Nathan Winograd, a lawyer and director of the No Kill Advocacy Center, applauded the stronger wording. "Now we've got a very rigorous definition," he said. "We can hold them to accountability." The agreement was reached Oct. 16, and signed by Los Angeles County Superior Court Judge James C. Chalfant on Oct. 21.
County counsel Diane Reagan, who handled the case, wrote in an e-mail that the shelters had never operated outside the law. She said the county is appreciative of the added clarity the settlement provides but hopes dispute resolution, rather than lawsuits that cost taxpayers money, will be used to solve any future problems. "Our limited resources are better used in caring for animals than in litigation," Reagan said.
Lawyer Joseph Heath at Ford, Walker, Haggerty & Behar in Los Angeles, who also represented the county, said the agreement is "a pretty straightforward deal," but declined to comment further.
In 2007, plaintiff Nguyen claimed she blew the whistle on the shelters' illegal killing policy and that the county retaliated by blocking her from adopting any animals to prevent their deaths, a practice she regularly engaged in. The settlement restores her right to adopt, Eisenberg said. In a November 2007 letter sent to the director of the animal control agency, Marcia Mayeda, Eisenberg and his legal team accused the shelters of killing animals without "engaging in reasonable efforts to identify the animals' owners" and killing tame cats wrongly classified as feral.
In an interview, Eisenberg said that for the next two years, the county will be required to turn over records of all the animals it euthanizes. "Up to this point, their records were so bad," he said. Mayeda could not be reached for comment.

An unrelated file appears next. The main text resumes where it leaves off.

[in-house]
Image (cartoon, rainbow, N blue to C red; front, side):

The mediator in the agreement, David B. Casselman of Wasserman, Comden & Casselman in Los Angeles, said that though fewer animals will be killed under the tighter euthanasia policy, the overcrowding problems at local shelters will not worsen. "What we've done is create a strong connection between the shelters and animal rescue, so when there's an animal with a ticking clock, [the shelter] will notify the rescue [people] so the dog or cat can be adopted," Casselman said. Casselman mediated the agreement because he is an animal advocate himself, he said. He founded a wildlife sanctuary in Cambodia and has sued the Los Angeles Zoo over treatment of elephants. Robert Culp, Aaron Leider v. John Lewis, City of Los Angeles, BC375234 (L.A. Super. Ct., filed Aug. 2, 2007).
Reagan said that Casselman is a well-respected animal advocate who could bridge the gaps between the two parties. He offered his mediation services free, she said. Casselman said the settlement shows how government and citizens can work together to save lost and frightened dogs and cats. "It reflects well on all of the litigants, who deserve our thanks," Casselman said. "As Gandhi famously said,’ We can judge the moral progress of a nation by the way it treats its animals."